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Often I will end up with very complex SQL statements and I wondered if there was style guideline out there that dictates a common way of laying various aspects of a query out.

I am look for something descriptive along the lines of Python's PEP8 or Zend Frameworks guidelines and not code by example.

Most of my queries are written for MySQL.

So do you know of a universal style guide? Perhaps you have written one yourself. Please share your guidelines.

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2  
possible duplicate of SQL coding style guide – JNK May 10 '11 at 14:05
    
@JNK I have read through most of that question before asking mine. It is not actually what I am looking for. I am after a proper published style guide that the rest of the development team and I can all adopt. This is why I mentioned something along the lines of PEP8. – Treffynnon May 10 '11 at 14:10
    
@Treffynnon - The last section is what made me link to that question - Perhaps you have written one yourself. Please share your guidelines. – JNK May 10 '11 at 14:12
    
@JNK Fair enough. However that question has a list of examples attached to it and not really descriptive guidelines like the ones I have linked to in my question. – Treffynnon May 10 '11 at 14:16
1  
@Treffynnon - Well I can't remove my vote to close, but if others disagree with me then it won't be an issue :) – JNK May 10 '11 at 14:17

Here are some SQL programming guidelines and best practices we collected:

  • Do not use SELECT * in your queries.
  • Always use table aliases when your SQL statement involves more than one source.
  • Use the more readable ANSI-Standard Join clauses instead of the old style joins.
  • Do not use column numbers in the ORDER BY clause.
  • Always use a column list in your INSERT statements.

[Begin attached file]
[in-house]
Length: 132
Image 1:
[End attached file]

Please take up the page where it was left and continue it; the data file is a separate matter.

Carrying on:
• Don't ever use double quotes in your T-SQL code.
  • Do not prefix your stored procedure names with “sp_”.
  • Always use a SQL formatter to format your SQL like Instant SQL Formatter (free and online)

You can check detailed explanation of those best practices in this blog post.

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Two guides I know of are Joe Celko's SQL Programming Style and the venerable Code Complete.

There's also the SQL-92 standard. It doesn't contain a style section, but you might consider it's style to be implicitly canonical.

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Have you thought about getting your team to use a tool with built in formatting capabilities?Toad for MySql has this. Its not going be a guide as such but a least will bring some consistency.

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This might be a possibility but we have people on MacOS, Linux and Windows so it would need to be cross platform. Some of us need the editing abilities/short cuts that Vim provides as well. But definitely an alternative as many of us currently use SQLYog (under WINE in some cases). – Treffynnon May 10 '11 at 14:21
up vote 0 down vote accepted

Since asking this question I have written a public SQL style guide that is compatible with Joe Celko's SQL Programming Style book under the Creative Commons Attribution-ShareAlike licence.

It is available over at www.sqlstyle.guide or as markdown directly from the GitHub repo.

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